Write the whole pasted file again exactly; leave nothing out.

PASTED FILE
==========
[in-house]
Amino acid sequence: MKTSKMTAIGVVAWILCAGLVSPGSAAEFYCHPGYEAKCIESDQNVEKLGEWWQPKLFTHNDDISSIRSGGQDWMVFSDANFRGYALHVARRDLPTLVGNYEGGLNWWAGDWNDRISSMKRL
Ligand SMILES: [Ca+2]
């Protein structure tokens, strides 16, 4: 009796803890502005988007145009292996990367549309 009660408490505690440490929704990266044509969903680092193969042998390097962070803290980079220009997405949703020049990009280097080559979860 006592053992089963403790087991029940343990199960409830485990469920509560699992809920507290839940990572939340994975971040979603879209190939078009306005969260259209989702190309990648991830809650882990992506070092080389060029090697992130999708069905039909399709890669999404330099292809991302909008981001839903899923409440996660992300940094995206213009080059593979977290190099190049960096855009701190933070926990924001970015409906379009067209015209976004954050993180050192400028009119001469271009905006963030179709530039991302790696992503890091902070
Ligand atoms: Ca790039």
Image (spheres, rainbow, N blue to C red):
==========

[in-house]
Amino acid sequence: MKTSKMTAIGVVAWILCAGLVSPGSAAEFYCHPGYEAKCIESDQNVEKLGEWWQPKLFTHNDDISSIRSGGQDWMVFSDANFRGYALHVARRDLPTLVGNYEGGLNWWAGDWNDRISSMKRL
Ligand SMILES: [Ca+2]
């Protein structure tokens, strides 16, 4: 009796803890502005988007145009292996990367549309 009660408490505690440490929704990266044509969903680092193969042998390097962070803290980079220009997405949703020049990009280097080559979860 006592053992089963403790087991029940343990199960409830485990469920509560699992809920507290839940990572939340994975971040979603879209190939078009306005969260259209989702190309990648991830809650882990992506070092080389060029090697992130999708069905039909399709890669999404330099292809991302909008981001839903899923409440996660992300940094995206213009080059593979977290190099190049960096855009701190933070926990924001970015409906379009067209015209976004954050993180050192400028009119001469271009905006963030179709530039991302790696992503890091902070
Ligand atoms: Ca790039």
Image (spheres, rainbow, N blue to C red):